According to the National Highway Transportation Safety Administration, each day, eight people are killed in preventable accidents that were caused by distracted driving. Furthermore, it is estimated that there are about 1,000 people who are injured per day in distracted driving accidents. Due to the recent increase in distracted driving and the continuing temptation for drivers to text or talk on the phone while behind the wheel, the National Safety Council designates the month of April as distracted driving awareness month.
Distracted driving can take many forms. Any time a driver engages in an activity that removes their attention from the road, they are engaging in distracted driving. A few of the most common examples of distracted driving are:
- Talking or texting on a cell phone,
- Eating or drinking,
- Talking to a front- or rear-seat passenger,
- Inputting a destination on a GPS system, and
- Reading or playing games on a cell phone.
Father of Accident Victim Urges Companies to Prohibit Employees from Using a Cell Phone While Driving
According to a recent national news article, the father of a 12-year-old boy who was killed back in 2004 by a distracted driver has taken up the cause to fight distracted driving. Evidently, the man travels across the United States, urging companies to implement strict policies regarding employees’ cell phone use while driving. He believes that the laws against distracted driving do not carry a sufficient penalty to discourage the habit. However, if large companies ban employee cell phone use while driving, he believes that compliance will eventually creep into their personal lives. Currently, 20% of Fortune 500 companies have some kind of ban on cell phone use while conducting company business. Some even ban the use of hands-free devices.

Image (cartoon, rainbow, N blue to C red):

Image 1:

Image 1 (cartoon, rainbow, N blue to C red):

Interestingly, studies have been conducted showing that a cell phone ban does not significantly reduce employee productivity. In fact, just 1% of people surveyed noticed a decrease in their productivity while complying with a total cell phone ban.
Maryland’s Law Against Texting While Driving
In Maryland, it is against the law to text while behind the wheel. In fact, it is also against the law to talk on a cell phone without a hands-free device. Those found to be in violation will face fines that increase with each subsequent offense. Additionally, evidence of cell phone use prior to causing an accident may be used by an accident victim to help establish civil liability.
Have You Been a Victim of Distracted Driving?
If you or a loved one has recently been injured in a Maryland distracted driving accident, you may be entitled to monetary compensation. Depending on the circumstances of the accident and the extent of your injuries, you may recover amounts for your past and future medical expenses, lost wages, and any pain and suffering you have endured as a result of the accident. The skilled injury attorneys at the Maryland-based law firm of Lebowitz & Mzhen Personal Injury Lawyers have extensive experience helping clients seek the compensation they deserve. Call 410-654-3600 today to schedule your free consultation.
More Blog Posts:
As Autonomous Car Technology Advances, Legal Issues Arise, Maryland Car Accident Attorney Blog, published March 7, 2017.
The Continuing Problem of Drunk Driving on Maryland Roads, Maryland Car Accident Attorney Blog, published March 28, 2017.